The distinctive characteristic of land ownership is that there are multiple forms of tenure, each with its own ‘bundle of rights’. Whereas the general public thinks that freehold tenure is ‘ownership’ and that leasehold tenures are ‘not ownership’, this is not what the law says. Underlying all of the land tenures is the notion that the ‘Crown’, on behalf of all of us, has power as to what can and cannot be done with the land. . . 

A key right within the leasehold bundle is the right to ‘quiet enjoyment’.  It gives leaseholders an absolute right to exclude the general public from that land, and to on-sell that right to future leaseholders. It means the public can be locked out in perpetuity. That exclusion relates not only to the high country, but to accessing, via runholder land, the shores of the big South Island lakes.

In some respects, this access situation is not greatly different to access rules between a tenant and the freehold owner of a suburban house. Although the landlord holds freehold title, this landlord has no right to have a picnic on the front lawn. If the landlord wishes to inspect the property, then prior notification is required.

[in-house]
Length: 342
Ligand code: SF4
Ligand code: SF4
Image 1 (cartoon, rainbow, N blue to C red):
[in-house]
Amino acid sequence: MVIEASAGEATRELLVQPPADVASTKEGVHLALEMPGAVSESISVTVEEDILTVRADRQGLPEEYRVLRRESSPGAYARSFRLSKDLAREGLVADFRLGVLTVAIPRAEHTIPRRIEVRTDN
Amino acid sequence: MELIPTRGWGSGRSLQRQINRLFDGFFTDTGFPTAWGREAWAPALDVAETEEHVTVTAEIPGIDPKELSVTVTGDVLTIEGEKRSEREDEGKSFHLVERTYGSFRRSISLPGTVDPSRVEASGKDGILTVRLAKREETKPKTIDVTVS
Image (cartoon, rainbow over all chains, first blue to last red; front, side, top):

There is a misconception that size makes a difference to access. But the right to privacy on, and the quiet enjoyment of, property is the same whether it’s a town section of a few hundred square meters, or a farm of many thousands of hectares.

It’s not just a matter of privacy, it is also a matter of safety. Farms are working businesses. For the sake of their stock, and the safety of visitors, farmers have the right to say who can access their property.

These rights to quiet enjoyment have been greatly underplayed in public discourse. As a result, a key feature of tenure review, being the opening up of our mountain lands to all of us, and accessing the shores of the big lakes, has also been underplayed.

In part, the underplaying has been because experts coming from overseas have not appreciated the rights which are specific to New Zealand law. For example, it is a very different situation than exists either in England, where there is ‘rights to roam’ legislation, and also very different to the public-access rights within America’s so-called public lands.

There are calls here for the ‘right to roam’ but the experience of farmers in the UK where it operates gives plenty of ammunition for farmers here to fight to retain their property rights.